At first glance it may seem that Sears will be providing holiday gifts to needy military families.  But nothing on the site actually says this.  All it says is that donations are not tax deductible (which means they aren’t charitable donations of any kind under law) and that the funds will be used to purchase Sears gift cards to distribute to all “registered families”. It then provides a box into which you can enter the dollar amount you’re willing to give to Sears in order for it to be passed on to “registered families”.  I could not find anywhere to register to become one of these families, so have no idea what the criteria is, but there are even more problems with this Heroes At Home program.

There’s also a list of the Top 100 items that “military families told us they really need this holiday season”.  Number 13 is a Nintendo Wii, #16 – an ATV, #24 – Nintendo DS,  #31 – Giant Four Story Dollhouse, #42 – Sony PSP, #68 – Flat Screen TV,  #93 Video Camera, and #100 Automatic Pet Feeder.  Sorry, Sears, but no one (military or not) “really needs” a single one of those items.

Besides, as I always say when confronted with these “Support Our Troops” so-called charitable events: 1) they aren’t my troops, and 2) I’m already supporting them – my taxes are forcibly taken to pay their salaries.  If these families can’t afford to buy the stuff they want for the hoidays they should find themselves another job that pays what they think they deserve.

If Sears wants to supply selected military families with gift cards no one is stopping them, but I find it somewhat sickening that you’re asking others to do what you’re not willing to and profiteering off it in the mean time by forcing the recipients to shop at your stores. That’s not charity, it’s advertising.


Sep 132008

Not surprisingly, the Morgan Hill Police Department wants more money. And they’ve decided the best way to get it is to pass a 2% tax “on the use of gas, electric, water, sewer, garbage, telecommunications and video/CATV services.”  According to the full color (read: expensive) flier I (and probably you) received in my mailbox today if Measure G does not pass “the City will not likely be in a position to add new positions such as additional police officers,”which elicited a resounding “good” from me, but may not have from you.  So let’s review-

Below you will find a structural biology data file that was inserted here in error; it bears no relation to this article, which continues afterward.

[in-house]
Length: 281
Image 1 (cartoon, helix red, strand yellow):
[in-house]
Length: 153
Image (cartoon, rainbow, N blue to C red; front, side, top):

• In 2004 the people of Morgan hill spent roughly $10,000,000 on a new police station.
  • In June 2008 Morgan Hill Police Chief Bruce Cumming reported that “[t]he department had a productive year, [in 2007]. Among the accomplishments, Cumming told council members, is the creation of a regional SWAT team with the Gilroy Police Department and the implementation of the anti-gang GREAT program in Morgan Hill schools.”
  • At the same time Chief Cumming announced that “[s]ome of the goals for the new year, which begins July 1, include reinstating the department’s K-9 program with funding from community donations and implementing a city-wide telephone notification system.  Cumming also hopes to increase the department’s 36 sworn officers with seven more sworn officers and two more multi-service officers.”
  • In July 2008, the Morgan Hill Police Department added five new officers.
  • In August 2008, the department “hired” Pax, an 18 month old German Shepherd, thus successfully “reinstating the department’s K-9 program.”

So why, exactly do the people of Morgan Hill need to supply the police with another $1,800,000?  They seem to be doing just fine without it and have already met the majority of their goals for 2008 in just a few months!

Again, returning to the flier, here’s the section on responsibility-

Q) What controls are there that Measure G funds will be spent responsibly?

A) The UUT Ordinance includes extraordinary accountability measures.  Every two years, the City Council is required to make findings that the tax is necessary for the City’s financial health or the tax expires.  It requires two-thirds vote (i.e. four of five Council members) to continue the tax.

Excuse me?  You call this “extraordinary accountability measures”? All this means is that every two years the council needs to rubber stamp the continuation of the tax.  They’ll ask themselves the question: “do we need this money?” For government, the answer to that question is always yes.  Nothing in this measure even requires that the money be spent on the police department!  It just goes in to the general fund to be used for whatever purpose the (then current) council deems appropriate.  And it’s not exactly difficult to make the case that the police don’t need the money…

Q) Why doesn’t the City reduce services in other areas such as recreation to enhance other City services such as police?A) Public Safety is currently the City Council’s highest priority as indicated by the fact the City spends 83% of all discretionary dollars on police and fire.  Over the past several years, the City has cut back on less critical service levels and eliminated positions from Park Maintenance, Human Resources and other administrative functions.

{emphasis added}

Again, that’s from the flier. Do not be fooled, this is not a “police funding” tax, or even a “public safety” tax.  It’s simply another way for the City Council to sugar coat their latest money grab.